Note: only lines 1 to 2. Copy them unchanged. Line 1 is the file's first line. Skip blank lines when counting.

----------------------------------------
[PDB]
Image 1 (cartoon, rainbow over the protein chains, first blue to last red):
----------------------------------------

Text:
[PDB]
Image 1 (cartoon, rainbow over the protein chains, first blue to last red):